[apps-discuss] Review of: draft-ietf-appsawg-file-scheme-11

Dave Crocker <dhc2@dcrocker.net> Sun, 14 August 2016 00:05 UTC

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From: Dave Crocker <dhc2@dcrocker.net>
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Subject: [apps-discuss] Review of: draft-ietf-appsawg-file-scheme-11
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Review:   The file URI Scheme
ID:       draft-ietf-appsawg-file-scheme-11
Review Date:  13 Aug 2016
Reviewer:     D. Crocker <dcrocker@bbiw.net>


Summary
-------

This is a followup to my Document Shepherd review of the -05 version on 
12 April 2016.

The document changes are effective.  I found only a few places to make a 
few suggestions, mostly minor.[*]

There is one significant concern, in Section 3, which continues from the 
previous review and I've suggested replacement text and this is the 
presence of normative language.

After resolution of this one concern, the document will be ready for 
publication.

Nice job!

d/




> 1.1.  Notational Conventions
>
>    The key words "MUST", "MUST NOT", "REQUIRED", "SHALL", "SHALL NOT",
>    "SHOULD", "SHOULD NOT", "RECOMMENDED", "MAY", and "OPTIONAL" in this
>    document are to be interpreted as described in [RFC2119].
>
>    Throughout this document the term "local file" is used to describe
>    files that can be accessed through the local file system API using
>    only the information included in the file path, not relying on other
>    information such as network addresses.  It is important to note that
>    a local file may not be physically located on the local machine, for
>    example if a networked file system is transparently mounted into the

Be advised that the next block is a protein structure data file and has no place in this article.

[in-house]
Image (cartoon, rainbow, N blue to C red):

>    local file system.
>
>    The term "local file URI" is used to describe file URIs which have no
>    authority component, or where the authority is the special string

probably should be: "authority" component, given the surrounding 
conventions used in this paragraph.


>    "localhost" or a fully qualified domain name that resolves to the
>    machine from which the URI is being interpreted (Section 2).
>
> 2.  Syntax
...
>       file-URI       = file-scheme ":" file-hier-part
>       file-scheme    = "file"
>
>       file-hier-part = ( "//" auth-path )
>                      / local-path
>
>       auth-path      = [ file-auth ] path-absolute

Hmmm.  I wondered how file-auth and path-absolute were separated, but 
see from Section 3.3 of RFC 3986 that path-absolute beings with a "/".

I think this means that if there is no file-auth, the beginning will be 
"file:///" etc.  Is that intended?

>
>       local-path     = path-absolute
>
>       file-auth      = "localhost"
>                      / host
>
>    The "host" is the fully qualified domain name of the system on which
>    the file is accessible.  This allows a client on another system to
>    know that it cannot access the file system, or perhaps to use some

   perhaps to use -> or perhaps that they need to use


>    other local mecahnism to access the file.
...
>
>    Some file systems have case-sensitive file naming and some do not.
>    As such the file URI scheme supports case sensitivity, in order to
>    retain the case as given.  Any transport-related handling of the file